The inattentive visitor looking up at the vaulted cathedral of Siena might step on this simple but beautiful marble unawares. A wondering Mary?You can feel the thrill springing up in her heart — to be the mother of the promised one!

The subject of this outpouring of joy is not just personal, although that surely would be enough for several songs.

She quickly broadens the focus to recognise divine benevolence to all the faithful, bringing mercy, justice and equality:

God’s mercy is for believers from generation to generation. God has shown strength by deeds, scattering the proud in the thoughts of their hearts, bringing down the powerful from their thrones, and lifting up the lowly. (vv. 50-52 alt.)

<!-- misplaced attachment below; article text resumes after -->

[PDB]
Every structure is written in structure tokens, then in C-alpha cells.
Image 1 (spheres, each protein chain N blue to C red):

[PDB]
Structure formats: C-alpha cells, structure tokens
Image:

Each newbornIt is a lovely song, reminiscent of the Song of Hannah, mother of Samuel. Mary’s thoughts and examples range across both the personal and the community, with many ideas threaded into the central theme of Mary’s awe at this surprise honour.

Music

Over the last few years our ladies and girls have sung versions of this song to inspiring effect, the Canticle of turning in 2012 and then Holy is your name (PFAS p. 1020 — see the post last year for discussion of other music options).

All women and girls are welcome to share this experience again, meeting on Saturday for the first sampling of an arrangement in Psalms for all seasons.

You may wish to add your comments on this reading.

Song of songs, 6 July 14

Quilt detail VFIn place of the set psalm this week, we find a reading of that lovely poetry of The Song of songs, or of Solomon.  It’s a small emotional poem of love and devotion: